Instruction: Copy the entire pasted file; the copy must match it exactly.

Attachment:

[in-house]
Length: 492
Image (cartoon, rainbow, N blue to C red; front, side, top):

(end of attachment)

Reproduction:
[in-house]
Length: 492
Image (cartoon, rainbow, N blue to C red; front, side, top):